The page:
Raising the eligibility age for Medicare is off the table as a way to reduce the deficit, says White House spokesman Jay Carney.
When asked at a press briefing Monday if President Barack Obama would consider the idea, Carney's answer was pretty clear: "No."
"The president's made clear that we don't believe that's the right policy to take," Carney said, even though Obama had expressed openness to the idea in previous budget talks, The Hill reports.
Republicans had proposed raising the Medicare eligibility age from 65 to 67 as part of deficit reduction negotiations to avoid the sequester --$85 billion in across the board spending cuts that will kick in on March 1. Raising the age would save the federal government more than $100 billion over 10 years, according to the Congressional Budget Office, news reports say. Some health policy experts argue that it would just shift health care costs and doesn't address expensive end of life care.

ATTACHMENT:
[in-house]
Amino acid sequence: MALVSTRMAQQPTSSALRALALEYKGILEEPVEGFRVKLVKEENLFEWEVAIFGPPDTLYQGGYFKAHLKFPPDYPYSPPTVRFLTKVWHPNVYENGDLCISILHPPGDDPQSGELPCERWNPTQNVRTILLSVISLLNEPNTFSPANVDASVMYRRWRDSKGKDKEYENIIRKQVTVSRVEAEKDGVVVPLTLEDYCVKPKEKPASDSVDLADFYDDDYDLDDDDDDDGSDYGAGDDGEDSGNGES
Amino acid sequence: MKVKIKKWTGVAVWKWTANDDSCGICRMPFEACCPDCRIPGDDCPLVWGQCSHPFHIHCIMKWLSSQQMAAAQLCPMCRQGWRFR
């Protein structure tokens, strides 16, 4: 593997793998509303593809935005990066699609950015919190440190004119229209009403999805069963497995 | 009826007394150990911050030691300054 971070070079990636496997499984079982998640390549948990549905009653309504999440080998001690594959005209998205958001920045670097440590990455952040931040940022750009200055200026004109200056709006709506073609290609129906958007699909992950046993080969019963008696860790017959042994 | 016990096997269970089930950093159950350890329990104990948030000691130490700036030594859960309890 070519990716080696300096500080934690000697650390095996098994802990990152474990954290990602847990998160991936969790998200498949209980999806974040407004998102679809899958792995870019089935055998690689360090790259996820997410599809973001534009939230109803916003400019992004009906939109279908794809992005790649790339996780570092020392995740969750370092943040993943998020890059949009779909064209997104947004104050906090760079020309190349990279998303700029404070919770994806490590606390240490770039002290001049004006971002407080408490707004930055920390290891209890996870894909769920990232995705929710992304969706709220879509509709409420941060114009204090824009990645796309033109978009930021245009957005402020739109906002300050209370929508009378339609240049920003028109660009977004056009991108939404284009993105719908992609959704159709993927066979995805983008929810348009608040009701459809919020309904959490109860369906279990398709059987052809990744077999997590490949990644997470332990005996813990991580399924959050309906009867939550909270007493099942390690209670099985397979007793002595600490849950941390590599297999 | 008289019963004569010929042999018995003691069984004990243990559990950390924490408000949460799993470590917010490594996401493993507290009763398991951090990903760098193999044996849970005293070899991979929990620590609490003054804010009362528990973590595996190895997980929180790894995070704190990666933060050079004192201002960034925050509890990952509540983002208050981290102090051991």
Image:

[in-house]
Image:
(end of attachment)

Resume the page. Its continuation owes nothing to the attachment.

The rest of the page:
But Carney said Obama would still consider a formula for lower cost-of-living adjustments for Social Security beneficiaries, known in Washington-speak as "chained CPI," if Republicans agree to a "balanced" approach to deficit reduction that includes tax revenue. So far the GOP has insisted on a spending cuts-only approach, CBS news reports